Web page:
Ian’s Right-hand Man

To the right of Ian Greenlees’ plaque in Bagni di Lucca’s cemetery is another, dedicated to Robin Chanter, also a subject of discussion at this autumn’s seminar to be held at Bagni di Lucca by the Michel de Montaigne Foundation.

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I can do very little to add to Chanter’s obituary, written by James Buchan, descendant of the writer of the 39 steps and his brother-in-law, available at

http://www.independent.co.uk/news/obituaries/robin-chanter-37979.html

except to say that Robin’s  “official” name, John Roberts Chanter, does not appear on the ossuary plaque since he was always known as Robin. I don’t know why or how or even when Chanter obtained this name. Was it perhaps some attempt to distance himself from the family which had made him suffer so much as a child?

I only know about Robin through what Sam Stych (see previous post) has told me. More than once Sam has related to me the terrible tragedy of Robin’s first-born, Bacchus, who in 1980 was killed as a four-year-old on the Autostrada del Mare between Lucca and Florence (I don’t know exactly where but it is an Italian custom, since exported to the UK, to lay flowers at the roadside where there have been car accident fatalities – and regularly renew those flowers. Sometimes even headstones are placed).

Sam refers still emotionally to the early evening phone call he received and to the utter desolation of Robin and the mother of his one and only son at the horrible event. Apparently, according to one version Bacchus had not been left in the car, which had broken down, but placed outside it  because it was thought he would be safer but was, instead, mown down by a passing vehicle. According to another version Bacchus was left in the car which was rammed by a passing vehicle. The outcome, sadly, remains the same: Robin’s only son was kjilled when hardly four years of age.

The mother was a student Robin had fallen in love with while teaching with Ian Greenlees at the British Institute in Florence. True and strong love is independent of gender and I am sure that Ian would have understood perfectly the dynamics of a new ménage-a-trois.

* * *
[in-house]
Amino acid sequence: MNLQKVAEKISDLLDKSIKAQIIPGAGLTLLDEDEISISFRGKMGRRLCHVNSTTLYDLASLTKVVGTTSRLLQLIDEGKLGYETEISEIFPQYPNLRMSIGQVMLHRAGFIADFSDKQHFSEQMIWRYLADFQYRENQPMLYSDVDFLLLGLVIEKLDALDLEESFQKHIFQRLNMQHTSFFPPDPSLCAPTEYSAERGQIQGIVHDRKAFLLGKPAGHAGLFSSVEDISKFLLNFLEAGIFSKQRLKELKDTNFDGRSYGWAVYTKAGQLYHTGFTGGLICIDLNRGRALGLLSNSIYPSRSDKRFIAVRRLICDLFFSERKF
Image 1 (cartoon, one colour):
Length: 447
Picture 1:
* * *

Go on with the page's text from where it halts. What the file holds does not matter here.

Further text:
At the college I taught in south-east London for almost a quarter of a century a student once told me that I was the favourite teacher for so many of them but the bête-noir of the establishment. It’s true that I turned up at work because I enjoyed being with my students in equal measure to my dislike of the administration and all that entailed. I was certainly not “career-minded” but, rather, “student-centred.”

I am quite certain that this was at the heart of Robin’s life-philosophy from what I have heard. He was incredibly popular with his mainly Anglo-Saxon students in Florence to whom he introduced a life not centred on cold showers, early reports, the cane, prefectural license, and bullying such as he’d experienced in his own prep school and college in the UK and, when out of them, from his utterly hard-hearted and drunkard father who completely disinherited his son of any family fortune accumulated in the equity market.

Robin was often considered “dissolute” (whatever that word means) by the conservative establishment. He was even censured for wasting a brilliant mind. I believe that Italy, for Robin, represented an escape from the hard work-related protestant ethics of traditional English education which has so much to answer for and which has helped produce some of the most poignant English literature from “Jane Eyre”, through Nicholas Nickleby” to Orwell’s “Such, such were the joys”.

Robin compensated for the unimaginable coldness of his domestic and educational upbringing by displaying all those qualities which had been denied to him: amicability towards his students, enthusiasm for his teaching material, generosity towards his friends, and openness towards new acquaintances.

He was a sort of Mr Fielding (See “Forster’s “A Passage to India”) who was loved by many Italians and ex-pats but hated equally by others for transgressing social and cultural norms. He was treasured for his “Englishness” by Italians and equally scorned for his “Italianness” by repressed ex-pats.